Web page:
While it’s not necessary, each year that I’ve been volunteering with GWN, my mentee and I have chosen to write on the same subject. I like the companion-piece aspect of that, like that our pieces seem to expand in relation to one another. Sophia is writing about her relationship with her father … and heaven knows I have more than what to say about my relationship with my own father, so I thought writing my anthology piece would be easy.

Ha! Guess again.

Of course.

I’ve written so much about my father. And in some ways, that’s the problem. Not that I think I’ve said everything there is to say, but maybe I’ve said all of the easy things to say, the things I can say with the fewest words. And, too, I have to write something that connects, at least tenuously, to this year’s program theme: Rise, Speak, Change. I really like that theme, but I’m not sure any of the things I’ve been thinking to say about my relationship with my father can be bullied into fitting the theme.

Oy. Time to get to work.

It’s March 1st: The start of the 2017 Slice of Life Story Challenge! This is the 10-year anniversary of Slice of Life, which is hard to believe. I started this blog a month before discovering Two Writing Teachers. When that first SOL challenge started, I had no idea what I was doing as a blogger. I always credit that 2008 SOL crew — I think there were 12 of us then? — with making me into a blogger, and I credit them still. Today, there are hundreds of folks participating in the challenge. Every day, writers will post their links over on TWT. I definitely recommend clicking through to the site and checking out some of the work there!


My Story on Stage, Part the Third — SOLSC 10

“Part the Third” because writing out  my March deadline list on Tuesday and adding to it yesterday reminded me that my list is still not complete! On Tuesday I mentioned that I’ve read several times over the last two years as part of a great series. How could I then forget to add this month’s reading to my deadline list?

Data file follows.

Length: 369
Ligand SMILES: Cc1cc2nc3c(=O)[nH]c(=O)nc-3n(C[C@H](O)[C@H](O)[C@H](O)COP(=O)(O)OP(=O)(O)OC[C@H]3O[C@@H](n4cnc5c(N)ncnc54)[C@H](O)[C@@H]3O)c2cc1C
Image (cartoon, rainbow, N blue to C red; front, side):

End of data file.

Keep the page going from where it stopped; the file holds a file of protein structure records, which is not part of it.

The series is called Big Words, Etc. and each reading has theme chosen by the audience at the previous reading. I don’t remember what the other theme choices were at January’s reading. One of them was the one I voted for. I didn’t vote for the winning theme — Schadenfreude (taking pleasure in the misfortune of others) — because I knew I couldn’t write anything for that topic. I’m much more of a Weltschmerz girl.

I thought I knew the definition of Weltschmerz — feeling sadness for the world. That’s correct, but I think the more specific definition actually suite me much more exactly: depression caused by comparison of the actual state of the world with an ideal state.

Yeah. Little did I know just how much of a Weltschmerz girl I really am.

No Schadenfreude for me, thank you very much. When Schadenfreude won the vote in January, I knew that meant I wouldn’t be reading. I just don’t do Schadenfreude.

… Or maybe, on second thought …

Something happened, a news item greeted me one morning and I found myself feeling … well, I didn’t know what, exactly. I listened to follow up reports on this story, and the feeling returned. It wasn’t the anger I’ve become so familiar with these last couple of years, wasn’t despair …

Hold up! Could this be the fabled Schadenfreude?

Yes, in fact. There I was, feeling some pleasure in another’s misfortune. What do you know.

I’ll leave you to guess what news story it was that introduced me to this new feeling (and I’ll cross-post my story here after I’ve written it and read it at Big Words). Have you ever felt Schadenfreude? What brought it on? How did you feel about feeling it? Did it surprise you? Once you felt it for the first time, did it start creeping in more and more?

It’s week two of the Slice of Life Story Challenge! Head over to Two Writing Teachers to see what the rest of the slicers are up to … and to post the link to your own slice!

SOL image 2014

Iona (7 of 29)

Holding the rail tightly, Claudette peered over the cliff. The lookout was famous, even though the story of the suicide couple was variable.

“You would think they’d have leapt to the ocean,” the woman beside Claudette said. “But they had no chance of reaching the water. Anyone could see they’d land there, on those rocks.”

“That would do the job, though,” Claudette said, looking at the jagged surfaces.

“Yes, but messy,” the woman said. “Inelegant.” She looked at Claudette. “You came alone?”

“I prefer it to the tours.”

“You’re so right.” She extended her hand. “I’m Iona. The restaurant here is supposed to be quite good. Join me?”

Claudette hesitated just long enough for it to be awkward, then shook Iona’s hand. “Sure.”